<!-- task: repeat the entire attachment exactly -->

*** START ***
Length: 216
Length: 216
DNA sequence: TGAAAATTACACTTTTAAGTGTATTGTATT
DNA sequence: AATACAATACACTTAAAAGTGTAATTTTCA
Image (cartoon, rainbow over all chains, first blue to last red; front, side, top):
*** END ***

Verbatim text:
Length: 216
Length: 216
DNA sequence: TGAAAATTACACTTTTAAGTGTATTGTATT
DNA sequence: AATACAATACACTTAAAAGTGTAATTTTCA
Image (cartoon, rainbow over all chains, first blue to last red; front, side, top):